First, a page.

The dance picks up on the “other-worldly” sound of the score (maybe more accurately described as sounds from another world), abetted by the costumes, designed by Hogan McLaughlin – black skirts/shorts/swatches that are applied differently for each dancer – and Julie E. Ballard’s lighting (including long, rectangular swatches of color bands, one vertical and one horizontal, that echo, and expand the sense of, the black swatches in the costumes. The resulting “look” on stage is ascetic, but the interaction among the dancers is fascinating.

(l=r) Abdiel Figueroa Reyes, Shota Miyoshi,
and Cyrie Topete
in Rena Butler’s “Aguas Que Van, Quieren Volver”
Photo by Michelle Reid

Seemingly isolated (either geographically or emotionally), the three dancers (Cyrie Topete, Alysia Johnson, and Miyoshi, each of whom was appropriately intense – with Miyoshi appearing to be the dance’s pivot point) intersect with each other in strange-looking, unfamiliar ways, as if they’d searched for and found some unique form of physical communication, within which are included an assortment of twitches, soft forms yielding to angular jabs, head pulls and shakes, briefly yielding a sort of constantly changing moving sculpture. As I watched, I thought of bending, and intersecting, paper clips. [Although there’s a measure of sensuality here, apparently the gender of the dancers doesn’t matter – a photo from a prior performance of the dance included in the program, as well as the photos provided above, shows the dancers then were two men and one woman.]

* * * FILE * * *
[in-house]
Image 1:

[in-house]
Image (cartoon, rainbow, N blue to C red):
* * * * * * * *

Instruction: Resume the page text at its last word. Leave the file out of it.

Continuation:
No matter how it’s sliced and diced, the choreography, performed by all three together, in solos, and as I recall in pairs as well, has meaning (to the extent there is any) only to the dancers on stage. Nevertheless, Aguas Que Van, Quierren Volver is consistently interesting, as well different, and strangely … intriguing.

(l-r) Shota Miyoshi, Abdiel Figueroa Reyes, and Cyrie Topete
in Rena Butler’s “Aguas Que Van, Quieren”
Photo by Michelle Reid

The evening’s final dance came with a significant pedigree. It was choreographed by the company’s Resident Artist Aszure Barton, with music by award-winning composer Caroline Shaw (“Gustave Le Grey”), and costumes by Fritz Masters (with company rehearsal director Craig D. Black, Jr.) that were created by The Juilliard School. All that talent didn’t help.

return to patience (created in 2015) initially looks wonderful, but almost immediately thereafter begins to look like the dance equivalent of a “white on white” canvas. [Remember the work of visual art “examined” by Charles Kuralt on the television news magazine “Sixty Minutes” many, many years ago? That’s the “white on white” I mean.] The costumes are white “suits,” the stage floor has been repaved in white, the upstage wall is white. I’ve heard it described as a masterpiece, but to my eye it’s memorable only because of its monochromatic visual appearance and minimalist choreography. I did come away with a sense of meaning, however, which I’ll get to below.

The curtain rises to an image of some fourteen dancers (the entire company, although it looks like more than fourteen) spread across the stage evenly spaced, all in white. It’s as much of a pleasurable jolt as a Balanchine line of ballerinas in white. And return to patience plays into this ballet and Balanchine connection, as one of the entire group’s opening moves is to suddenly spread their feet into first position, as Balanchine has his dancers do in Serenade.